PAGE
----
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visual perception deficit.

(8 Posts)
WhenWeMet Wed 06-Mar-13 16:31:25

After some intervention at school action level my Ds (y2) was not making progress. He was assessed by the EP. She says he has visual perception deficit. He has now been referred to OT.
Does anyone have any experience of this and if so any advice please.
Thanks for reading.

horsemadmom Thu 07-Mar-13 15:35:15

Do you mean visual perceptual difficulty?

WhenWeMet Thu 07-Mar-13 18:19:22

"A rose by any other name would smell as sweet". One in the same I should think. Any advice?

horsemadmom Sat 16-Mar-13 10:55:34

Go to a Behavioral Optometrist IMMEDIATELY! We use a fantastic one in Potters Bar. You may find that your DS has visual convergence issues. An OT is of no value for this. You also need a specialist dyslexia teacher- V.P.D. is under the dyslexia umbrella. In case you haven't done your googling, your DS does not form mental pictures. Does this sound familiar: Sounds out every word (can't recognise words by their shape), writes phonetically,learns by listening, does ok on a spelling test and then misspells the same words in writing tasks, confuses mathmatical symbols, can't do a jigsaw, needs to see an object entirely to recognise it (can't see what he's looking for if it is partially obscured)....Fix his vision (this is just a funny eye/brain wiring glitch) and get the specialist teacher to teach him ways to compensate.
My DD thought she was stupid at age 6 but felt so much better knowing that it was all fixable. Now age 11, she's a voracious reader and going off to one of those top of the league table schools. PM me if you need more info.

Snowfedup Sat 16-Mar-13 11:08:11

If you think homeopathy works then a behavioural optometrist is the eye equivalent - if you want a proper free eye examination get a referral to an orthoptist !

horsemadmom Sat 16-Mar-13 18:53:09

Ummmm. No.
A Behavioural Optometrist is a fully qualified optometrist who has done several years extra qualification. A proper one has specialist equipment that is used to test how the eyes work together and then prescribe specs that improve eye function.
To be charitable, and assume that you speak from ignorance, a person who advises silly excersises and demands to see a child every week at great cost is not a behavioural optometrist- I've heard of people who have been put through great expence for no gain with this type of person. An orthoptists makes things like shoe insoles and custom surgical braces. Nowt to do with eyes.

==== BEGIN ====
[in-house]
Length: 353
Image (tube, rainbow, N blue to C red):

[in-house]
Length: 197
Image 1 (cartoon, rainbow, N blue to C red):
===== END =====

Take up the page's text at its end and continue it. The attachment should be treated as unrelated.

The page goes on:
The person my DD sees is very highly regarded and gets fantastic results. DD went through 2 different perscriptions from our regular optometrist with no improvement because he didn't have the kit that measured her eye movements. We lost a year with no improvement. Then we saw her behavioural optometrist and she did 6months of patching and had specs with a prism et voila! It was like a miracle!

Snowfedup Sun 17-Mar-13 06:47:05

Oh that's so funny you are talking about orthotics not orthoptics, I am impressed with your knowledge about registered health care professionals !

Try this link
Or google behavioural optometry pseudoscience !

alimac87 Mon 18-Mar-13 14:51:05

You may mean visual stress (which is called various things), which can be a component of dyslexia.

We ended up seeing our NHS optometrist (possibly the wrong word, please don't jump down my throat), to sort out DD's issues in focusing and tracking; and we saw a professor of opthalmology who did an assessment and prescribed tinted glasses to reduce DD's problems with print appearing to swirl around. I am a sceptic, I'm well aware that there is some pseudoscience around... We saw qualified people not people with expensive miracle cures and it has definitely made a difference. By no means a miracle cure - DD is still dyslexic - but she finds reading much more comfortable. Hope that helps.

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